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Good morning. Finland is in Nato, the European People’s party is in trouble with the police, and a fugitive businessman who escaped house arrest in Italy is in: (surprise, surprise) Russia.
Today, our technology correspondent reveals the fight between Brussels and EU member states that’s undermining a new plan to thwart cyber attacks against Europe, and our Paris bureau chief profiles the young female union leader standing up to Emmanuel Macron’s pension reform.
What happens when Europe gets hit with a massive cross-border cyber attack and takes down crucial infrastructure, such as high-speed satellite broadband?
At the moment: nobody knows. EU member states and the European Commission are still arguing over who presses the crisis button and how to deploy resources in case of an attack, writes Javier Espinoza.
Context: The threat of a massive co-ordinated attack on EU infrastructure led by Russian hackers has increased since Moscow’s invasion of Ukraine, according to concerned EU officials, prompting Brussels to draw up plans for how to respond.
These are not academic concerns. Officials point to recent examples that highlight Europe’s vulnerability, including the cyber attack against the US communications company Viasat, which knocked out thousands of wind turbines in Germany and crucial emergency services in France.
EU officials are currently working on the Cyber Solidarity Act, a piece of legislation that wants to promote collective efforts by member states to counter an attack.
The idea is that if Europe is the victim of an orchestrated cyber attack affecting multiple countries at once, member states would have a reserve of certified providers to help tackle a crisis, according to people familiar with the proposal set to be published on April 18.
While countries recognise the threat, there are signals the proposal will prompt a fierce battle between Brussels and national capitals over who manages the response.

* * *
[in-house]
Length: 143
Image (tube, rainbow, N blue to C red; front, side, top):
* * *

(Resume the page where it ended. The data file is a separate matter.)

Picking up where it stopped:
A document sent to officials drafting the act, signed by 24 countries including France and Germany and seen by the FT, warned Brussels to slow down. It said: “We consider it necessary for this initiative to be handled carefully and effectively, and in conjunction with existing initiatives, structures and mechanisms.”
One of their main concerns? Losing control and power to the EU mother ship. These countries say they want to keep the power to monitor and assess their local cyber threats and their abilities to respond to them.
“The decision regarding national requirements for private companies to be involved . . . as well as the conditions and decisions regarding their deployment, should . . . remain under member states’ exclusive control,” the document adds.
Chart du jour: Bricks and mortar
Average house prices in the EU suffered their first quarterly fall since 2015 at the end of last year, declining in 15 of the bloc’s 27 countries as rising borrowing costs brought an end to an almost decade-long boom.
There will be a new face at the table today when French prime minister Élisabeth Borne meets with union leaders to try to convince them to end months of protests against the government’s unpopular plan to raise the retirement age, writes Leila Abboud.
She is Sophie Binet, a 41-year-old labour activist who unexpectedly won a hotly contested internal election to become the new boss of the hardline General Confederation of Labour (CGT) union.
That France’s oldest union, which was historically linked to the Communist party, has picked Binet to be its first-ever female leader is a sign of how it is seeking renewal to reverse years of declining membership and infighting.
She is from a different generation and has a more consensual style than her predecessor, Philippe Martinez, the 61-year-old colourful union boss famous both for his gruffness and his epic moustache.
Binet managed to beat out Martinez’s handpicked successor and another candidate who hailed from the hardest line internally — both of whom were also women.
Her background as the head of the CGT branch that represents engineers, managers and white-collar workers is also a change. The bastions of the union have long been in industrial companies, carmakers, and energy.
But if Borne was hoping the change in CGT leadership might help her make a breakthrough with unions in their first meeting since protests began in January, Binet quickly dashed those hopes.
Asked what she expected from the meeting, she told France Inter radio: “The withdrawal of the pensions reform. It’s simple.”
When the journalist pointed out that Borne was not going to do that, Binet deadpanned: “It could be a very short meeting.”
Classic CGT — with a new face.
What to watch today
French president Emmanuel Macron and European Commission president Ursula von der Leyen travel to China, ahead of meetings tomorrow.
Ukrainian president Volodymyr Zelenskyy visits Poland, holds talks with president Andrzej Duda.
Final day of Nato foreign ministers’ meeting, arrivals from 7am.
Now read these
Evan Gershkovich: Russia’s arrest of the US journalist on bogus spying charges is a cowardly act aimed at stifling the media, writes the FT. He must be released.
Greek tragedy: Debt, graft and mismanagement — Eleni Varvitsioti on why Greece’s recent train crash was “waiting to happen”.
Energy dilemma: Russia’s war in Ukraine has made Norwegian gas critical to Europe. But that is holding back its green energy push, writes Richard Milne.
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